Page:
by David Ammons | April 7th, 2010
A new report from the independent Pew Center for the States gives top marks to online voter registration in Washington and Arizona, the states that pioneered the service that is now catching on in other states, including Oregon, California and Colorado.
It’s an easy and secure click-on system – all an eligible voter needs is a valid driver’s license to get started. State Election Director Nick Handy, whose team has been sharing startup information with other states, says Washington residents “really appreciate this user-friendly way of registering to vote. It saves money and it improves access.”
The 140-page Pew study says the new alternative to paper-based, mail-in or in-person registration is accurate, saves administrative costs and involves less paper-handling by election staff. The report says younger voters in particular are gravitating to online registration – 60 percent of Washington’s Internet registrations were from people under age 34. Many live in Puget Sound counties. People who register online were somewhat more likely to vote than those using traditional methods.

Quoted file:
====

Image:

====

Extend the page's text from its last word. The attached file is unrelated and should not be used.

Shane Hamlin, assistant director of elections, says the study notes great potential for growth in online registrations: During the first year of operations, 2008, only 27 percent of the survey sample knew that Internet registration was possible. “It seems that increased public outreach and awareness campaigns are necessary to better inform the general public,” he says.
The report says a study of the Arizona experience showed that the paperless process cost only three cents per online application, versus 83 cents for paper. Washington used $278,000 in federal money to develop its system and recouped much of that in first-year postage savings alone. Some Washington counties said they saved $2 worth of staff time for each registration, cutting time by half. Also, some counties offered off-site registration this year, taking laptops to county fairs or other locations.
The report notes “overwhelmingly positive response” by the public, with more than 9 out of 10 voters saying the online system is easy to use.